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Authors: Gail Gaymer Martin

In His Eyes

BOOK: In His Eyes
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“Haven’t you ever made a mistake, Ellene?” her father asked.

The night Connor left stuck in her memory, but today, a bittersweet sensation washed over her. “I’ve made bad choices, Dad, but—”

“Sin is sin. Mistakes are mistakes. The Bible teaches us to forgive so that God will forgive us our mistakes. You’re the one who ended the engagement with Connor. You need to move on with your life. You’re both adults now.”

“I
have
moved on.”

Her father took her hand and held it, his strong fingers covering hers. “You’ve let this grudge against Connor go on too long. I know you’ve seen other fellows, but you’ve steered so far away from marriage or commitment, I’ll die without grandkids and you’ll die an old maid.”

“I’m only twenty-six.”

“Going on forty.” He gave her a wan smile, then walked over to his desk. “Here’s Connor’s phone number.” He extended a sheet of paper. “Call him.”

Books by Gail Gaymer Martin

Love Inspired

Upon a Midnight Clear
#117

Secrets of the Heart
#147

A Love for Safekeeping
#161

*
Loving Treasures
#177

*
Loving Hearts
#199

Easter Blessings
#202

“The Butterfly Garden”

The Harvest
#223

“All Good Gifts”

*
Loving Ways
#231

*
Loving Care
#239

Adam’s Promise
#259

*
Loving Promises
#291

*
Loving Feelings
#303

*
Loving Tenderness
#323


In His Eyes
#361

Steeple Hill Books

The Christmas Kite

That Christmas Feeling

“Christmas Moon”

GAIL GAYMER MARTIN

lives in Michigan with her husband, Bob, her dearest friend and greatest support. She loves the privilege of writing stories that touch people’s hearts and share God’s promises.

Gail is multipublished in nonfiction and over thirty works of fiction. Her novels have received numerous awards: a Booksellers Best in 2005, a Holt Medallion in 2001 and 2003, the Texas Winter Rose 2003, the American Christian Romance Writers 2002 Book of the Year Award and the
Romantic Times BOOKclub
Reviewers Choice as Best Love Inspired novel in 2002.

When not behind her computer, Gail enjoys a busy life—traveling, presenting workshops at conferences, as well as speaking at churches, business groups and civic events.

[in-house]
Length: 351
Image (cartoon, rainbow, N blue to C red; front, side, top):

She enjoys hearing from her readers. Write to her at P.O. Box 760063, Lathrup Village, MI, 48076 or at [email protected] Visit her Web site at www.gailmartin.com.

IN HIS EYES
GAIL GAYMER MARTIN

The eye is the lamp of the body.
If your eyes are good, your whole body will be full of light.


Matthew
6:22–23

This book is dedicated to my husband’s aunt Florence and to Bob’s wonderful Italian family. They are filled with warmth, love and compassion.
Over the years, I’ve learned so much about his family’s traditions and fun-loving spirit.

Thanks to my friend Marianne Funke who lived on Harsens Island and answered my questions. Thanks to Esther from the Riverfront Shop who provided me with more information.
As always, I thank my husband for his hard work and support. He is a hero in my eyes.

Chapter One

“Y
ou want me to do what?”

Ellene Bordini’s voice ricocheted around her office as she frowned at the telephone. She pursed her lips, waiting for her father’s peevish voice to sail back at her.

Instead, she heard silence.

“I’m sorry, Dad, but—”

“Come in here, Ellene. We need to talk.”

His quiet voice struck her harder than a slap. She’d tried his patience, and his response had been far more gentle than she’d deserved.

“All right,” she said, humbled by his manner. She hung up the phone and clasped her hands together to calm her reaction to his request.

She knew better than to attack her father. She knew because she loved him and because the Bible said to honor her parents.

A prickle ran up her arms as she thought about her brother. Her position in the construction company should have been his—had he been alive. Her dad was proud of the family business, and her goal was to prove she could handle it with a firm hand.

Ellene ran her fingers through her hair, pulling out knots at the ends. She disliked her natural curl about as much as she disliked talking with Connor Faraday, but that seemed to be what her father expected.

Checking her calendar, she speculated when she’d have time to call Connor Faraday. Her father’s insistence let her know she wouldn’t change his mind, but she’d try. How could she talk business with the man who’d broken her heart? Grasping her fortitude, she rose and strode from her small office into the corridor, then crossed the hall to her father’s office.

She lifted her hand and paused, gathering her thoughts, then rapped her knuckles against the solid wood door. For a woman of twenty-nine, she still felt a child’s reaction to facing her father. When he invited her in, she drew a lengthy breath and turned the knob.

Syl Bordini sat behind his desk with his back to the door, a telephone receiver pressed against his ear. When Ellene stepped inside, he swivelled to face her, a grim look wrinkling his brow. “I’ll have Ellene call you today to set an appointment. Thanks again for thinking of us.”

Ellene stood close to the door, hoping his lecture for snarling at him would be quick and painless, but when
he lowered the receiver, he motioned toward a chair, his look more tender than she expected. She closed the door behind her and settled across from him.

“I’m sorry, Dad, for—”

He waved his hand to brush away her words. “Ellene, this is our livelihood. Sometimes we must deal with people we’d rather not, but if they’re honest and need our services, then we work with them. You wanted a position with the company, and I trusted that you could do the job.”